Eighth to 12th graders are certainly capable of engaging in this experience, but this approach should not be looked as highly intellectual lessons for gifted students only. The key here is to get all students involved by creating an engaging classroom atmosphere. My 6th grade teacher (Mr. Clark) was a genius at this in the 5 subjects he taught us. He encouraged all of us to have ideas and got almost all students involved. If your idea was wrong, he explored it with you so you could see the flaw in your thinking--and got peers involved in the conversation. Everyone had a chance to share ideas, and this approach raised the level of the whole class (like a rising tide and all boats). So, this approach is highly flexible as to language or conceptual level, but learning is nevertheless improved for all those who are engaged. That is, IF students do their part, then they progressively become more autonomous learners--at their own pace, which is highly important.

    Also, 'engaging' is not the same as 'entertaining'--when engaged we sit forward in anticipation of participating, when entertained we sit back passively--far too much of the latter in US education.

    Important too to remember that this a bi-directional process (think about it..).

    All students will respond to this if respectfully motivated. :)
    • Aug 8 2013: Ernst,

      AWESOME RESPONSE!

      Love the engaging vs entertaining distinction.

      I had a few teachers like Mr. Clark in my life, and I really liked the learning experience, but I could not put my finger on the reason why I like going to their class.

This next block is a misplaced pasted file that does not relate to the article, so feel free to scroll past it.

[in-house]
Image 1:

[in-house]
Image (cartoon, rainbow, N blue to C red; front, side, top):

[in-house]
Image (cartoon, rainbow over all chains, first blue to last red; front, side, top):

I tried to practice the 'explore your answer until you realize it is wrong approach' with my kids and my Scouts, but to me it just seemed like a way to not have them shut down communication channels with me. As I recall, it took some patience, took some time, but was effective. It was only a rare occasion when you had to jump in and play the heavy with a 'no' or 'this is the way you do it', but usually only when safety was involved.

      By they way, don't tell anyone, but this same technique works with mentoring strong minded (even arrogant) young colleagues, as they will argue to their last breathe to prove they are not wrong, but are often quite willing to jump to a new point of view if they see a flaw in logic in their own. You can usually tell this transition has occurred when you hear statements like 'Oh, well that is what I meant' and then a few weeks later "Well my idea is " and they use your logic to support it. It is fun to watch.

      Definitely agree with the respect at all levels. Some of my teachers always talked down to us. The best seemed to take what we offered and include it somehow in the lectures, and make a point of citing our contribution. That really helped build my ego as a young student.

      I suspect that 20 years from now, someone will be in a blog a cite his or her learning experience in Mr Schneider's class with the same fondness that you recall your experience in Mr, Clark's class.

      Thanks for your response.

Showing single comment thread. View the full conversation.